German Court Avoids Deciding on Wwii Slave Workers’ Claims

Germany’s top court would not decide this week whether prisoners in Hitler’s slave labor camps could sue the government for compensation.

The court said the case should be considered by lower courts, but reportedly did not offer any guidelines.

The Federal Constitutional Court in Karlsruhe handed down the ruling in April, though it was first published Tuesday.

The decision follows a case in which 22 plaintiffs, all of them Jewish, filed claims of up to $14,500 each because they were forced by the Nazi SS to work at a munitions factory while interned from 1943 to 1945 at Auschwitz.

Some have said the ruling paves the way for surviving slave laborers to seek compensation in German courts.

But Saul Kagan, executive vice president of the Conference of Material Claims Against Germany, said, “Until the full text of the decision of the German Constitutional Court becomes available and is evaluated, it is not possible to determine whether this decision will be of practical significance for Holocaust survivors.”

About 7 million slave laborers, many of them Jews, worked in Germany during World War II. In the past, individual companies have had to settle with victims of slave labor.

After the verdict, representatives of the victims urged the German Parliament to pass a law that would clearly recognize the slave laborers’ claims.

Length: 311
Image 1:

(JTA staff writer Alissa Kaplan in New York contributed to this report.)

NOTE TO EDITORS: The following updates the Landau analysis appearing in the July 4 JTA Daily Dispatch and should be added after the 15th graf.

One of Sharon’s allies in the Cabinet, Foreign Minister David Levy, threatened Wednesday to resign from the government if Sharon was not made a minister before Netanyahu departs for his U.S. visit next week.

Responding to Levy’s threat, Netanyahu said he hoped that Sharon would soon join the government.

But the prime minister added that it was unacceptable for ministers to demand that Sharon join the government, but refuse to give up part of their ministries for the infrastructure portfolio being created for him.

NOTE TO EDITORS: The following updates and replaces the story appearing in the July 3 JTA Daily Dispatch.

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